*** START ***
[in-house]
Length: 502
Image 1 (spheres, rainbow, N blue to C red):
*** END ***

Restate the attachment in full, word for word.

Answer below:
[in-house]
Length: 502
Image 1 (spheres, rainbow, N blue to C red):